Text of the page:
As opposed to a throwback to a bygone era – of neatly trimmed lawns with lines of clean, white sheets billowing in the wind like flags of the American dream, and of A Streetcar Named Desire separation of the classes with undershirts, bras, and tired nightgowns strung from urban balconies – perhaps if we renamed it a solar-drying device, the clothesline would seem more contemporary for today’s green movement. Either way, its time has come around again. The clothesline is back.

Linda Black

Brookside Farm is one of those Island spots at which the tour busses slow down so passengers can admire its rural charms. With its pair of oxen grazing in a lush field surrounded by stone walls, its blossoming fruit trees, and its hillsides sloping down to a serene pond along the Tiasquam River, it is the embodiment of up-Island Vineyard beauty.

Peggy Schwier

Tucked away near the Lobster Hatchery in Oak Bluffs is a home that was, sixty years ago, the only one for acres around. Kerry Alley’s grandfather owned it – a campsite with a basic house, a crude toilet, and a water pump. Kerry Alley and Pat Hurley graduated one year apart from the Oak Bluffs High School, he in 1955 and she in 1956, each in a class of about twenty students. Though the couple, now married for forty-seven years, weren’t sweethearts then.

Elaine Pace

At the end of a West Tisbury dirt lane, on the edge of a silver-gold pond, grows Nina’s Garden. It has been there nearly three decades now, designed by an artist whose three-dimensional work was never finished, because each day when she rose and looked at it, she would see a new shape or color that it needed. But to the hundreds of viewers who have traveled to the end of the road to admire it, Nina’s Garden is a complete masterwork. It soothes. It inspires.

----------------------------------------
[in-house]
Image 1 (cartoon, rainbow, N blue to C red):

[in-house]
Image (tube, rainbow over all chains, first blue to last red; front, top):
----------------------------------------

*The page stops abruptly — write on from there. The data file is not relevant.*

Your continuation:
Phyllis Meras

A hand-painted wood box with the words “Holly Lane” serves as an invitation not only to the road off Old County Road in West Tisbury, but to learn the story of Janice Haynes and Jeremiah Brown, who live in the house on that corner. The creative couple fashioned the street sign using recycled materials, which is emblematic of the inventive style that marks their home and yard.

Elaine Pace

When I first saw the Chappaquiddick land that would become my home one day, it was covered with low brush and scrub oak. Along one side of the acre and a half was an overgrown peat bog. Up a rise from the bog was a small clearing with a few white and red oaks growing around its perimeter. Beyond the clearing, down a hill, was a grassy valley with four gnarled apple trees. I thought: I’ll put my house there in the clearing on the rise facing the bog, with the oaks on three sides and the apple trees behind.

Margaret Knight

Michael Faraca is New England born and bred, but his work life is all Olde England.

On this rainy mid-winter day, as he sits sipping hot sweet tea, looking proprietarily across a manicured garden of the North Water Street home that he has tended through three owners, he muses on his past twenty-five years of employment.

“In the classic old English tradition,” he says, “the gardener comes with the house.”

Mike Seccombe

I bought my house in February some years back, and as I drove away with the real estate agent after the first visit, I noted what looked like sticks growing out of the ground – bare branches of small trees planted in no particular order in the middle of the lawn. The acre of land that was to be mine, surrounded by winter and woods, looked hapless against the blustery, gray sky.

HJ Bernstein

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